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Cruising U.S. Rivers

Written by  Lillian Africano

CRUISE
Last year I wrote that U.S. river cruising was continuing to grow in popularity, especially with Americans who perceive it as a safer and more stress-free choice than cruises on Europe’s rivers. And in spite of the proposed travel bans, some international travelers who are interested in the cultural and historic richness of our rivers share that sentiment. This growth is reflected in new ships and refurbishments, new itineraries and added sailings.

Ted Sykes, president and COO of the American Queen Steamboat Company (www.americanqueensteamboatcompany.com), now in its sixth year of operation says that the line’s ships are sailing full. “We continue to find not only North Americans - but also international travelers (particularly from English speaking countries - UK, Australia, New Zealand) are choosing to cruise in the US because they perceive it to be “more safe” than other options. And, they mention that access to health care also provides considerable peace of mind. Lack of long haul air travel, no foreign exchange or foreign language component remain high on their list of reasons to stay closer to home. Awareness has certainly grown as more customers are finding out about us either through word-of-mouth or by reading comments posted on social media by past guests. They are learning there is now a high quality US alternative to international river cruising. We have established ourselves with several key USPs; fine dining, spectacular entertainment and very well received shore excursions.”


The line’s 166-passenger American Duchess, the first all-suite paddle-wheeler (with some lofts) on U.S. rivers, is set to launch in June of this year. The boat, described as one of the most luxurious in the U.S., debuts with a 23-day Mighty Mississippi cruise from New Orleans to Minneapolis and then, for the rest of the summer and fall season, sails 9-day itineraries on the Illinois River to Chicago, the Cumberland River to Nashville and the lower Mississippi from Memphis to New Orleans. All itineraries have a theme, some similar to those on the American Queen, some unique, for example, the Chicago Blues Cruise from Chicago to St. Louis and Nashville Holiday roundtrip from Nashville. In 2018, the Duchess’s 49 sailings will mirror the route of the American Queen.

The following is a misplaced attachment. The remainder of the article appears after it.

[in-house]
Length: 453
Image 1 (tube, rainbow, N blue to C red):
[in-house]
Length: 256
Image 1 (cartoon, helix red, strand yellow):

Prior to this season, the American Queen was dry-docked for maintenance and inspection in Gretna, LA, where eight of her interior cabins were converted into four new luxury suites, which can accommodate larger groups and families.
In March of this year, the line’s American Empress, launched her third season, with 38 sailings in the Pacific Northwest and stops along the Columbia and Snake Rivers. The season ends with a roundtrip Portland itinerary highlighting the wines of the Washington and Oregon regions.
Connecticut-based American Cruise Lines (www.americancruiselines.com) , the largest U.S. cruise company, operates four coastal cruise ships and four vessels on the country’s rivers.


The new 187-passenger America, which launched last year, sails 8-day itineraries along both the Upper and Lower Mississippi, an 8-day roundtrip from New Orleans along the lower Mississippi and an 11-day Mississippi River Gateway cruise from New Orleans to St. Louis, MO. The boat also does a short 5-day roundtrip from New Orleans. Longer itineraries include the 15-day, 10-state Grand Heartland trip that starts in St. Paul, MN and travels down to the river basin in New Orleans-and the 22-day version of the trip in reverse, starting in New Orleans.


The 150-passenger paddle-wheeler Queen of the Mississippi cruises the Mississippi and Ohio Rivers from New Orleans to Minneapolis or to Cincinnati, Oh. The recently renovated 100-passenger Queen of the West paddle-wheeler sails 8-day Columbia and Snake River cruises along the route pioneered by Lewis and Clark. The 150-passenger American Pride sails the same itinerary. The Queen of the West also sails a 5-day Highlights of the Columbia River itinerary, roundtrip from Portland; it includes the Columbia River Gorge, a national scenic area and the only navigable route through the Cascade Mountains.


ACL recently announced the details for the first of five new riverboats which will combine the modern styling of European vessels with premium comfort.
The first in the series is scheduled to begin passenger service in 2018 and will carry 200 guests. The new riverboat will feature the largest staterooms in the United States, with private balconies and hotel-size bathrooms. At 345 feet long, the new riverboat will include all the modern design features that today’s travelers have come to expect.
Because American Cruise Lines has proprietary access to the Chesapeake Shipbuilding shipyard in Salisbury, Md., it is the only company that is able to build new riverboats; other lines can only refurbish existing vessels. (The Jones Act, states that vessels which transport passengers directly between U.S. ports must be built in the U.S. and wholly owned and crewed by U.S. citizens.)


French America Line (www.frenchamericaline.com), which purchased the former Columbia Queen and spent $3.5 million to create the stylish French-accented 150-passenger Louisiane, was originally slated to begin sailing last October. What followed were delays, the last being in March, when for the second time in less than four months, the line had to cancel sailings for the Louisiane, due to a series of repairs.

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